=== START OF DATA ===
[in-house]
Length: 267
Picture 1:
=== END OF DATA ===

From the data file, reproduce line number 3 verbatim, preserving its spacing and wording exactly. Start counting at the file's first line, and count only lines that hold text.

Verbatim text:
Picture 1: